The government effectively owns General Motors and controls Chrysler, and the president is deciding what kind of cars they can make. Uncle Sam owns majority stakes in American International Group, Fannie Mae, Freddie Mac and controls large chunks of the banking industry. Also, President Obama wants government to take over the business of student loans. And he's pushing for nationalized health care. Meanwhile, his Environmental Protection Agency has ruled that it reserves the right to regulate any economic activity that has a "carbon footprint." Just last week, House Speaker Nancy Pelosi said climate change requires that "every aspect of our lives must be subjected to an inventory." Rep. Barney Frank, chair of the House Financial Services Committee, has his eye on regulating executive pay.
Of course, nationalization of industry is only one kind of socialism; another approach is to simply redistribute the nation's income as economic planners see fit. But wait, Obama believes in that, too. That's why he said during the campaign that he wants to "spread the wealth" and that's why he did exactly that when he got elected. (He spread the debt, too.)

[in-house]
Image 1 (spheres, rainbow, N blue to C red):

And yet, for conservatives to suggest in any way, shape or form that there's something "socialistic" about any of this is the cause of knee-slapping hilarity for liberal pundits and bloggers everywhere.
For instance, last month the Republican National Committee considered a resolution calling on the Democratic Party to rename itself the "Democrat Socialist Party." The resolution was killed by RNC Chairman Michael Steele in favor of the supposedly milder condemnation of the Democrats' "march toward socialism."
THE HOPE FOR SOCIALISM
The whole spectacle was just too funny for liberal observers. Robert Schlesinger, U.S. News & World Report's opinion editor, was a typical giggler. He chortled, "What's really both funny and scary about all of this is how seriously the fringe-nuts in the GOP take it."
Putting aside the funny and scary notion that it's "funny and scary" for political professionals to take weighty political issues seriously, there are some fundamental problems with all of this disdain. For starters, why do liberals routinely suggest, even hope, that Obama and the Democrats are leading us into an age of socialism, or social democracy or democratic socialism? (One source of confusion is that these terms are routinely used interchangeably.)